Body Parts Market Tied to Murder, Ritual Sacrifice
Editor’s Note: This article contains graphic descriptions that some readers may find disturbing.
There is a billion-dollar market for human body parts that, unlike the organ transplant market, is largely unregulated. Human heads, limbs, torsos, and everything else from arteries to fingernails are being traded by U.S. body brokers internationally.
Most of the bodies originating in the United States are donated and allegedly used for medical, scientific, and military research. The FBI raided several of these broker companies recently, including the Michigan-based International Biological Inc. and the Arizona-based Biological Resource Center, where investigators found diseased body parts being dishonestly bought, sold, and shipped abroad.
In the even darker corners of the trade, however, are issues involving African witchcraft markets, gangs that kill adults and children to sell their body parts, and even “baby factories” where infants are trafficked and used for human sacrifice.
The BBC reported on April 26 that a “baby factory” was raided in Lagos, Nigeria, where women were either coerced to give up their infants or raped to be impregnated. It states such factories are “not uncommon for Nigerian authorities to raid,” and that the babies can be sold for adoption, used for child labor, or “trafficked to Europe for prostitution or killed for ritual purposes.”
In Kenya, similar issues are surfacing. A May 17 article from Kenyan newspaper The Standard states that gangs are no longer just murdering adults and children to sell their body parts to local witch doctors. Now, even individuals in the fields of medical research are suspected of purchasing body parts of people who were murdered for the business.
Among the cases mentioned is that of former pathologist Moses Njue, who is accused of illegally removing the hearts and kidneys of two bodies that were purchased for research. Njue is accused of destroying the organs, since “they are key to tracing poisoning or establishing whether a person died of natural causes.”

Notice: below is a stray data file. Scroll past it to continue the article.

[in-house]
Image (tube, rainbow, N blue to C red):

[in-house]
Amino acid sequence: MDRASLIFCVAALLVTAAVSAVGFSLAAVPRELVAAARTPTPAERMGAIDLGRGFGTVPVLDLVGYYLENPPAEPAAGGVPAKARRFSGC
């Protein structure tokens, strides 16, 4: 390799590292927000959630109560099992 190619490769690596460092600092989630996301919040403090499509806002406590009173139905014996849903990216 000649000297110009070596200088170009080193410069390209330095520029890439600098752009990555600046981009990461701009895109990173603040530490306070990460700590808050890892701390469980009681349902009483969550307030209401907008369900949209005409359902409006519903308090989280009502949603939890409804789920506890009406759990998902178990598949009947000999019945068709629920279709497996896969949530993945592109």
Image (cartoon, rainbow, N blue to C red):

Kenyans are also being warned by the World Health Organization about certain U.S. companies involved in the human organ trade. It points to a U.S.-based global kidney exchange program, which the article states “expressed an interest in securing donors from Kenya, which WHO noted was a move to exploit poor nations.”
An April 28 alert from the Council of Europe Committee on Organ Transplantation issues a similar warning against the exchange program, on grounds that “the human body and its parts shall not give rise to financial gain or comparable advantage,” noting that the program’s attempts to source organs from impoverished countries “puts vulnerable individuals at risk of exploitation.”
The incidents raise many questions not only about how the bodies of murdered individuals are finding their way into markets, but also on the lack of laws and oversight on the trade of human bodies.
According to Robert J. Bunker, adjunct research professor at the Strategic Studies Institute at U.S. Army War College, cases of ritual murder and the use of human body parts in dark “magico-religious” activities are still relatively common in certain cultures, as well as among Islamic terrorists and some transnational criminal gangs.
According to Bunker, the use of human sacrifice is part of the “left-hand path” of dark magico-religious activities, which vary in form depending on the group.
“These practices are not uncommon in animistic-based cultures in various parts of sub-Saharan Africa, in which witch doctors are considered imbued with great magico-religious power,” he said in an email, adding that often the victims are albino children.
In Mexico, many drug cartels and criminal gangs have begun adopting various forms of satanic and dark-occult worship, with the most common being the worship of the recently created Santa Muerte, or “Saint Death.” The “skeleton saint” has become the second most popular figure of worship in Mexico, after Saint Judas.
Bunker noted that ritual killings linked to Santa Muerte worship have been carried out in Mexico by the Los Zetas drug cartel. “They appear to have focused on the taking of heads—although questionable homicides have taken place in which the hearts of victims have also been removed,” he said, adding that some members of the MS-13 criminal gang has also been tied to ritual killings for “Saint Death.”
“Quite recently, some MS-13 gang members have also engaged in these practices, such as in one incident taking place in Houston in February 2017,” he said, noting other ritual sacrifice cases in which heads and spinal columns were recovered.
While body parts sold internationally may be used in dark magico-religious activities, Bunker noted that in the United States, the financial motivation for gangs to kill for the market is still relatively low. He added, however, that “the killing of someone for left-handed path rituals would be a different matter, as would deviant sexual and serial killing-motivated types of incidents, as the basis of these actions is of an extreme criminal nature to begin with.”